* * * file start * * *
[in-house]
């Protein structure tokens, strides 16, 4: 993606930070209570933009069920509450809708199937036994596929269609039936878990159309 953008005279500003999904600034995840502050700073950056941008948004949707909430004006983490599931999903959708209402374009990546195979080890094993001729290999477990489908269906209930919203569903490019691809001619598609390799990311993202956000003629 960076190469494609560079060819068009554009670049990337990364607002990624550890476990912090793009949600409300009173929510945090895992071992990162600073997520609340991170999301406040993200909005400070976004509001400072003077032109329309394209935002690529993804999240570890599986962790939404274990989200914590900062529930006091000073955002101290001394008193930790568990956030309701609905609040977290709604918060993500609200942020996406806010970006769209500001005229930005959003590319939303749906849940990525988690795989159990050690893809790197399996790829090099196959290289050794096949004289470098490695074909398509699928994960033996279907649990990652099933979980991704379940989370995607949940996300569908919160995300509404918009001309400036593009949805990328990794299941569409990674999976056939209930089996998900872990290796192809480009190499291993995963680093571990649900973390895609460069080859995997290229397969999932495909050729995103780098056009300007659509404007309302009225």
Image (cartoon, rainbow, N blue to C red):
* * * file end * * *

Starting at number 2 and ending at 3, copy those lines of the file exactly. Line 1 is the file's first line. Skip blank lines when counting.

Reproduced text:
């Protein structure tokens, strides 16, 4: 993606930070209570933009069920509450809708199937036994596929269609039936878990159309 953008005279500003999904600034995840502050700073950056941008948004949707909430004006983490599931999903959708209402374009990546195979080890094993001729290999477990489908269906209930919203569903490019691809001619598609390799990311993202956000003629 960076190469494609560079060819068009554009670049990337990364607002990624550890476990912090793009949600409300009173929510945090895992071992990162600073997520609340991170999301406040993200909005400070976004509001400072003077032109329309394209935002690529993804999240570890599986962790939404274990989200914590900062529930006091000073955002101290001394008193930790568990956030309701609905609040977290709604918060993500609200942020996406806010970006769209500001005229930005959003590319939303749906849940990525988690795989159990050690893809790197399996790829090099196959290289050794096949004289470098490695074909398509699928994960033996279907649990990652099933979980991704379940989370995607949940996300569908919160995300509404918009001309400036593009949805990328990794299941569409990674999976056939209930089996998900872990290796192809480009190499291993995963680093571990649900973390895609460069080859995997290229397969999932495909050729995103780098056009300007659509404007309302009225």
Image (cartoon, rainbow, N blue to C red):